Overall, we consider our main contribution is to call attention to the importance of including VRU awareness analysis when formulating message generation rules in C-ITS systems. We defined a new metric that can support this additional evaluation. Finally, we proposed research directions to meet the challenges of adding VRU signals to the communication mix. In the following, we present a list of these challenges:
  • Explore different access technologies: The use of other access technologies is an open field of research. One example of these technologies is C-V2X, a technology developed by 3GPP specifically designed for V2X communications. Works on C-V2X have shown improvements compared to DSRC [41]; however, more evaluations and implementations remain an open field. Another factor that adds interest to this technology is that FCC recently allowed part of the DSRC-dedicated spectrum to be used by C-V2X [20]. Another technology that may get the community’s attention is the IEEE 802.11p update named IEEE 802.11bd [48,49].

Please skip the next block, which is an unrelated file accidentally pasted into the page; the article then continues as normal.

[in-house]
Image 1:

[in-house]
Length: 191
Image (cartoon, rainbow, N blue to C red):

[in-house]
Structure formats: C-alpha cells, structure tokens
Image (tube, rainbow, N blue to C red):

• Multiple access technologies: The use of different access technologies in a heterogeneous architecture could also be considered for channel load reduction without necessarily reducing VRU awareness. Current access technologies, such as DSRC, WiFi, and C-V2X, could coexist in the vehicular environment. There is a number of contributions [17,18,29,50] that consider multiple access technologies; however, they mainly focus on vehicular communications without the inclusion of traffic from active VRU.